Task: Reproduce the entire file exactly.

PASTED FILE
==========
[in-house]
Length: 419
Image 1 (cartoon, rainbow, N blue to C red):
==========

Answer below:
[in-house]
Length: 419
Image 1 (cartoon, rainbow, N blue to C red):